Over history, languages change and evolve, sometimes becoming new languages. But according to researchers in the U.S. and the U.K., tracking those changes is more than just looking at words and letters.

The research team figured out a way to statistically track the changes in languages differently: by using the change in sounds, that is the specific pronunciation of words.

This method showed researchers a better way of tracing words back to their earliest usage. Their method is so exact that it allows researchers to study farther back than any other modern technique involved with studying the history of languages.

An example of these sound changes occur often in more modern languages, such as English and Latin, which both come from a proto-Indoeuropean language. The word "father" in English has a hard "f" sound at the beginning of it, but in Latin, those words still have a different sound, which sounds like a "p" as in "pater."

Researchers used math for determining the statistics involved with sound changes throughout a language's history. They found that this math-based technique offered better analysis of how language evolves over time and allowed them to trace languages back farther than ever before.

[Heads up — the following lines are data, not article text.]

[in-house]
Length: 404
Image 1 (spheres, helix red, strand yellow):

They started by studying the Turkic languages, which include about 35 different languages. They ran words from Turkic languages into a computer and found that over 70 such sound changes occur throughout the long history of the languages.

"Computers so far have mainly used the presence or absence of words with a common origin in various languages to stitch together trees that describe the descent of the various languages from a common ancestor," says Santa Fe Institute Professor Tanmoy Bhattacharya. "This has left out the vastly richer data residing in sounds, primarily because sound changes in different words are not independent, as most mutations in genetics are, for example."

Determining the differences in sounds in languages has always been considered a better way in studying the history of languages, but it's hard to do manually. However, this is the first time that someone has created a mathematical model to automatically find those changes and use probability to trace them back to prehistory languages.

"Our new method is another exciting step to understanding how languages and genes evolve," says University of Reading Professor Mark Pagel. "It will allow us to go back in time further than before, making it possible to reconstruct ancient proto-languages, words that might have been spoken many thousands of years ago."

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